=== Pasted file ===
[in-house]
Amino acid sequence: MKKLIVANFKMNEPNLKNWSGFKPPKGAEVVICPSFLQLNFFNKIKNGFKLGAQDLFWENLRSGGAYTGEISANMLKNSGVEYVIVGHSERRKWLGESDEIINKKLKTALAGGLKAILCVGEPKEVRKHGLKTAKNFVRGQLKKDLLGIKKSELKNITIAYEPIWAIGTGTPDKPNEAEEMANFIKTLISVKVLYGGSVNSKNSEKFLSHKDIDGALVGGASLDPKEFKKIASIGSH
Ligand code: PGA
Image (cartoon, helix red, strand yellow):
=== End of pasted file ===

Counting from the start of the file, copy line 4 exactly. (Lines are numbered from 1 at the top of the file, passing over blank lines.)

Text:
Image (cartoon, helix red, strand yellow):